Figure 4: Computation of \(S\) in case of the baseline sparse/dense solver coupling (see Section 2.5).

In the next stage, we compute the solutions \(x_s\) and \(x_v\) following
(\eqref{orga114030}). At first, we form
the right-hand side \(b_s - A_{sv}(L_{vv}L_{vv}^T)^{-1}b_v\) by performing the
*sparse solve* \((L_{vv}L_{vv}^T)^{-1}b_v\), the matrix-vector product
\(A_{sv}((L_{vv}L_{vv}^T)^{-1}b_v)\) and a final vector subtraction. Then, we
perform the *dense factorization* of \(S\) and a *dense solve* to determine \(x_s\). At the
end, we compute the matrix-vector product \(A_{sv}^Tx_s\) and after a vector
subtraction, we compute the *sparse solve* of
\((L_{vv}L_{vv}^T)^{-1}(b_v - A_{sv}^Tx_s)\) to get \(x_v\).

### 2.6 Advanced sparse/dense solver coupling

Alternatively, we can use a *sparse factorization+Schur* step (see Section
2.3.2) thanks to which the sparse direct solver yields the Schur
complement of \(A_{sv}A_{vv}^{-1}A_{sv}^T\) associated with the
\(\begin{bsmallmatrix} A_{vv} & A_{sv}^T \\ A_{sv} & 0\end{bsmallmatrix}\) matrix.
We subtract the resulting matrix from \(A_{ss}\) according to
(\eqref{org9a44b6d}) to get \(S\) (see Figure 3). The
advantage of doing so is that we benefit from the fine management of the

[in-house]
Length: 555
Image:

sparsity and efficient usage of BLAS-3 on non-zero blocks, transparently offered
by the sparse direct solver, up to the computation of the Schur. Internally, the
solver follows the ideal approach for computing \(S\) described in Section
2.2, therefore benefiting from all the optimized operations. However, as
discussed in Section 2.3.2 and recaped below, the Schur
complement matrix returned by the *sparse factorization+Schur* step is dense. The
computation steps following the computation of \(S\) then remain identical to the
ones of the baseline coupling (see Section 2.5).

### 2.7 Limitations

#### 2.7.1 Baseline coupling

The baseline sparse/dense solver coupling (see Section 2.5) presents important limitations in solving larger FEM/BEM systems in terms of both performance and memory consumption. In particular, we loose the ideal symmetry and sparsity condition of the factorized system (see Section 2.2) and the result of \(A_{vv}^{-1}A_{sv}^T\), stored in an extra matrix, as well as the Schur complement itself are large dense matrices.

#### 2.7.2 Advanced coupling

Although the advanced solver coupling (see Section 2.6) is an optimal approach in terms of performance, it implies storing the Schur complement matrix in dense format.

Limitations in the API of the sparse direct solver lead, in case of both
baseline and advanced sparse/dense solver couplings, to the storage of
potentially very large dense matrices. In terms of memory constraints, this
quickly becomes a significant limiting factor in solving larger coupled systems.
For example, considering the FEM/BEM system (counting 2,090,638 in the sparse
part and 168,830 unknowns in the dense part) associated with the simulation in
Section 6, the sole storage of the Schur complement matrix would
require around 212 GiB of RAM (considering complex matrices). In case of the
baseline solver coupling, we would need 2.6 TiB of extra RAM to store the result
\(A_{vv}^{-1}A_{sv}^T\) of the *sparse solve* in a dense matrix.